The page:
Brunner’s gland hyperplasia and hamartoma are infrequently encountered polypoid nodules and masses in the proximal duodenum. Brunner’s gland hamartoma (BGH) is a very rare cause of upper gastrointestinal (GI) hemorrhage. Clinically, patients may present with symptoms of duodenal obstruction or upper GI hemorrhage and require endoscopic or surgical excision. Herein, we describe a relatively rare case of pedunculated BGH of the duodenum causing upper GI hemorrhage.
A 47-year-old man presented with the symptoms of tarry stools and shortness of breath. He was in good health with no specific family or past medical history. His body temperature was 36.5°C, blood pressure was 148/82 mmHg, and radial pulse rate was 70 beats/min and regular. He had anemia, but no jaundice. Neurological examination revealed no abnormal findings. Laboratory tests showed a red blood cell count of 318 × 104&mgr;L [normal range (NR), 430 × 104-570 × 104&mgr;L], a white blood cell count of 7600&mgr;L, a platelet count of 30.8 × 104&mgr;L, and a hemoglobin concentration of 8.9 g/dL (NR, 14-18 g/dL). Endoscopic examination of the upper digestive tract revealed a large peduncular polyp, about 30 mm in diameter, arising from the wall of the second portion of the duodenum (Figure 1A). The polyp head was lobulated. GI bleeding occurred from the base of stalk of the polyp (Figure 1B and C). It was suspected to be a BGH, from the endoscopic findings. An air-contrast barium meal also revealed a pedunculated polyp in the second portion of the duodenum (Figure 2). There was no lesion in the esophagus and stomach. Endoscopic polypectomy was performed (Figure 3). The cut surface of the resected specimen showed an approximately 3-cm whitish mass (Figure 4). Histological examination of the specimen revealed that the main body of the polyp contained several lobules of mature Brunner’s gland with areas of cystic dilatation (Figure 5). The surface epithelium consisted of normal duodenal mucosa with areas of focal ulceration. The base of the stalk was ulcerated. There was no evidence of malignancy. The lesion was diagnosed as a pedunculated BGH of the duodenum. After endoscopic polypectomy, the symptom of tarry stools resolved.
Figure 1 Endoscopy images.
A large lobulated peduncular polyp, about 30 mm in diameter, in the second portion of the duodenum (A and B) and bleeding from the base of the stalk of the polyp (C).
Figure 2 Double contrast radiograph of the duodenum showing an approximately 3-cm peduncular polyp.
Figure 3 Endoscopic polypectomy was performed and the resected specimen was moved into the stomach.
Figure 4 Macroscopic findings of the polypectomy specimen.
The cut surface showed an approximately 3-cm whitish mass.
Figure 5 Microscopic findings of the polypectomy specimen.
Low-power view of a cross section showing submucosal proliferation of Brunner’s gland below the duodenal mucosa (HE × 10, × 100).
The etiology of BGH remains obscure. BGH is present mostly in middle age without any gender predominance; however, cases have been described from early infancy to even 80 years of age. BGHs have a broad range of sizes (0.5-12 cm)[14–6]. The most common location is the posterior wall of the duodenum near the junction of the first and second portions. BGHs were found in the duodenal bulb in 70% of cases, in the second portion of the duodenum in 26%, and in the third portion in 4% in one series of 27 patients by Levine et al. In the present case, it was located in the second portion of the duodenum.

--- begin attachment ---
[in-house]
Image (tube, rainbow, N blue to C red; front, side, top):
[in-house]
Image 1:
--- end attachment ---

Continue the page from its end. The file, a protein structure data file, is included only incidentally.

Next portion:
BGHs are usually asymptomatic and often detected incidentally on barium meal or endoscopy. Another review of the literature has revealed that the main clinical feature of BGH is GI bleeding or bowel obstruction. The diagnosis of BGH is usually made by a combination of radiographic and endoscopic findings. The radiographic finding of large localized BGHs is a sessile or pedunculated polypoid filling defect. Endoscopic characteristic findings, like radiographic findings, are as follows: (1) pedunculated polyp, although 11% can be sessile; (2) polypoid or lobulated mass; and (3) covered with normal mucosa. BGH should be distinguished from other duodenal lesions such as leiomyoma, polypoid adenoma of the superficial mucosal glands, aberrant pancreatic tissue and malignant tumors. Diagnosis is rarely conclusive on endoscopic biopsies because the lesion locates mainly in the submucosal layer, and the biopsy is often not deep enough to reach the submucosal tumor tissue. The final diagnosis of BGH depends on the pathological findings of resected specimens obtained by endoscopic mucosal resection, polypectomy or surgical treatment.
As to therapy, BGH of the duodenum can best be removed endoscopically, because it is thought to be clinically and histologically benign. However, endoscopists should be aware that there have been rare case reports of malignancy arising from Brunner’s gland. Endoscopic or surgical treatment is necessary if GI bleeding occurs[4711–14], as in the present case. GI bleeding, typically manifested by hematemesis or melena, from ulceration or erosion of the mucosa stretched over the submucosal lesion, may occur and can occasionally be massive and rarely fatal. In the present case, bleeding was caused by ulceration of the stalk. The mechanism underlying GI bleeding in the present case was atypical.
In conclusion, we report a case of pedunculated BGH of the duodenum causing upper GI hemorrhage. BGH should be generally taken into consideration as a differential diagnosis of duodenal masses. BGH is not fatal and patients remain asymptomatic in their daily lives, except for GI bleeding or bowel obstruction. Endoscopists should be aware that BGH may exhibit the aforementioned endoscopic characteristics and may cause GI bleeding.